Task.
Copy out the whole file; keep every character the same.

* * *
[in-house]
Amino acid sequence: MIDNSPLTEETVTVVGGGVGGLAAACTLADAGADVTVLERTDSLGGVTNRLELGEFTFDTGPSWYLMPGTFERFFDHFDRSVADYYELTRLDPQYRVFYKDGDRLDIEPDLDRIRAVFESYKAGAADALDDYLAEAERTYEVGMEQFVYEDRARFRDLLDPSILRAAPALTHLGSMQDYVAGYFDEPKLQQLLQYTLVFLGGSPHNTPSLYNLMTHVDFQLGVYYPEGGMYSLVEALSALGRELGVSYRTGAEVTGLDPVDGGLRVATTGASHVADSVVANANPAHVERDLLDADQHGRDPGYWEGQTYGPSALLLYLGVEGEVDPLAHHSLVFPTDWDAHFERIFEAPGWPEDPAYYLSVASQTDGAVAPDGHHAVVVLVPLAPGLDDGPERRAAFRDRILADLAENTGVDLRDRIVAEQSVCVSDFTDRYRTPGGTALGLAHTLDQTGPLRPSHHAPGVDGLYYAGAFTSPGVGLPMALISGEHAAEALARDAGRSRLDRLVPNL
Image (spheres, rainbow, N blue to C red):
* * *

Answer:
[in-house]
Amino acid sequence: MIDNSPLTEETVTVVGGGVGGLAAACTLADAGADVTVLERTDSLGGVTNRLELGEFTFDTGPSWYLMPGTFERFFDHFDRSVADYYELTRLDPQYRVFYKDGDRLDIEPDLDRIRAVFESYKAGAADALDDYLAEAERTYEVGMEQFVYEDRARFRDLLDPSILRAAPALTHLGSMQDYVAGYFDEPKLQQLLQYTLVFLGGSPHNTPSLYNLMTHVDFQLGVYYPEGGMYSLVEALSALGRELGVSYRTGAEVTGLDPVDGGLRVATTGASHVADSVVANANPAHVERDLLDADQHGRDPGYWEGQTYGPSALLLYLGVEGEVDPLAHHSLVFPTDWDAHFERIFEAPGWPEDPAYYLSVASQTDGAVAPDGHHAVVVLVPLAPGLDDGPERRAAFRDRILADLAENTGVDLRDRIVAEQSVCVSDFTDRYRTPGGTALGLAHTLDQTGPLRPSHHAPGVDGLYYAGAFTSPGVGLPMALISGEHAAEALARDAGRSRLDRLVPNL
Image (spheres, rainbow, N blue to C red):